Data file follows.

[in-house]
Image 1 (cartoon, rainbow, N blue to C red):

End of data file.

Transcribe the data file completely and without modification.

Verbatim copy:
[in-house]
Image 1 (cartoon, rainbow, N blue to C red):